Adding insulation to your existing walls is the best way to tackle issues you’re experiencing with uncomfortable rooms and high heating and cooling costs.
The bigger question is, what are the best exterior wall insulation options? Honestly, it comes down to the amount of remodeling you want to do, how much you want to spend, and your overall expectations.
RetroFoam dealers have been insulating existing exterior walls with injection foam in homes across the U.S. for almost 20 years. Our contractors understand how the injection foam insulation we offer works and the pros and cons of other materials.
We are on a mission to help you make the best-educated decision for your wall insulation project. As part of that mission, below, we will discuss all of the options available to you depending on if your walls are existing or taken down to the studs, as well as what each has to offer.
Best Insulation for Open Exterior Walls
What is the best insulation for outside walls that are exposed and open?
There are a lot of factors at play here, and it all boils down to your expectations. Do you want the best, or are you looking for a cheaper option? Are energy efficiency and reducing your carbon footprint important to you?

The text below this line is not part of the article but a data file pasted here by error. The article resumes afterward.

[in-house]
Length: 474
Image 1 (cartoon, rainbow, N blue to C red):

Let’s get into the nitty-gritty of open exterior wall insulation options.
Fiberglass insulation is one of the options that is going to require tearing down your drywall.
The material is made up of extremely fine glass fibers and would be installed as batts or rolls in the stud cavities. While fiberglass does work to slow down the spread of hot and cold air, it still allows for air movement into and out of the home.
Fiberglass is a fairly inexpensive insulation option for your exterior walls, and you can install it yourself if you feel confident in your skills. The downside is that fiberglass is known to sag and shift over time, meaning it has an expiration date, and you’ll need to replace it eventually. This recurring cost, along with the cost of remodeling your walls and supplies required for the DIY project if you so choose, makes that cheaper option much more expensive.
Foam Board Insulation
Foam board insulation is another material that is going to require you to do it while you’re remodeling or if you don’t mind tearing out your drywall.
Foam boards are rigid panels made of either polystyrene, polyisocyanurate, or polyurethane. These boards are sold in various lengths, facings, and lengths to custom fit the wall cavities.
Unlike fiberglass, though, it’s one and done. You won’t need to replace the foam board once you install it or hire a contractor to put it in. One thing to note, you will want to make sure you seal around the seams of the boards, or you will still have a lot of air leakage.
Spray Foam Insulation
If you want to create an air seal that will help maintain a constant temperature in your home, spray foam is the way to go.
Spray foam insulation is an environmentally friendly option for open wall cavities. Depending on the manufacturer and the material, the spray foam is mixed with either water or a chemical agent.
Open cell spray foam is usually what is recommended for residential projects. The foam expands and completely fills the cavity. Closed cell foam can be used but is better suited for exposed walls as it is more durable.